Miss Atwater, my second grade teacher, passed away a few years ago. Major first class old woman with a shovel.  Second grade was a crucible year for me — I know that’s laughable, but it’s true: I tried to do just about everything wrong I could, all in the name of testing boundaries. Tried to cheat (got caught). Wrote on the bathroom wall (got caught). Was a jerk to another kid (I know, who isn’t at that age, but I still got caught).  She also introduced me to the woman who would be my piano teacher for the next 10 years, a gift I treasure still today.  Another gift she gave me was the Golden Rule – each day, someone would recite it in class, and that remains a primary guidepost for how I live my life today. Her shovel was an unwavering dedication that provided a type of guidance that was critical for me at that time.  I am a better person for her teachings.  And she did it for 30 years of students.

Women with shovels cultivate.  By digging in the earth to raise food to raise a family. By using words or actions or convictions to raise awareness or help grow the generations after them.

Women with shovels build things. They have “a lot of work in them” and want to stand side by side with the partners in their life – partners in business, in love, in friendship, in life. Their shovels topple things. They reshape things. They brings things into being.

Women with shovels protect what matters to them. They don’t pick a fight, but be warned if you come after one.  That isn’t a handbag, it is a shovel, and they know how to use it.

To the old women with shovels I have known and loved, thank you for helping me find my shovel and so gracefully wielding yours.

Brick House

Ow she’s a brick… house
She’s mighty mighty just let-
tin’ it all hang out
(copyrighted lyrics from the song Brick House by Lionel Richie, forced into a Haiku)

~~~~~~~~~~~~~~~~~~~~~~~~~~~~~~~~~~~~~~~~~~~~~~~~~~~~~~~~

Ladies – we are cheating. We are deceiving each other and the men in this world.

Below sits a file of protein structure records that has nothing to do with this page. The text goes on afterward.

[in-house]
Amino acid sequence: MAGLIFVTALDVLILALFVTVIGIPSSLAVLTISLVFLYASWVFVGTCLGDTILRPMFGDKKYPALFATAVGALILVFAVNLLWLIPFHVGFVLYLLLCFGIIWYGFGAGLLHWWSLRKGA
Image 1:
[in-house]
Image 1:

How? With our bras and the external perception of fullness and symmetry they provide. We should be ashamed.

Why? Because these new bras with the foam padding and strategically placed wedges are hiding the truth. We should be stopped.

For the uninitiated, I categorize these new bras as “enhancing smoothers” and “push up”.  The first type is a bra with a thin layer of foam where a normal cup should be. This thin layer gives you the look of a perfectly perky, balanced and smooth bosom. The problem is on the inside, however:   I look down and see my breastfed-two-kids-lost-and-gained-weight-happily-lopsided breasts almost puddled inside this bra. Sure the bra looks good, and the sweater fits nice, but the girls seem defeated and sad in there, like they are only along for the ride but not allowed to get out of the car.

And the push up? Who wears this? I broke down and bought one a while back, but when I wear it, I get this boob-shelf thing going, where my cleavage starts just south of my clavicle and keeps going and going – this is attractive?!?!  It just becomes a place to catch crumbs.

In either case, if I were dating and wore one of these bras, I would be worried if my relationship progressed… he would know I was deceiving him from the start. What do you say in the bedroom?

“Oh, you look, er, um, different.”

                     “Ah…yes…I, um,  forgot about that.”

“Do you mind putting your bra back on again?”

Total humiliation.

But let’s assume that the bedroom wasn’t my issue. What would happen if an overly tight hug left me dented?  In my case would there be enough internal resistance to pop the dent out? I don’t know! And what does it feel like to hug someone with wonder woman breasts? Would they notice? I don’t know!!

I’ll stick with my normal bra – boring, lace, off white, functional. Far less anxiety.

I realize there are men reading this who vehemently disagree with me (my husband, who likes crumbs, is surely one of them).  And if all you are looking for is eye candy, then fine, enjoy the trend. But don’t say I didn’t warn you about them being deceitful. For the women out there who look good in these bras and fill them in nicely – more power to you. I salute you. But I’m going to stick with my original equipment for now.